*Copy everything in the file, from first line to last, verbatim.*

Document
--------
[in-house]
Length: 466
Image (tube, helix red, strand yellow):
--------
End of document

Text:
[in-house]
Length: 466
Image (tube, helix red, strand yellow):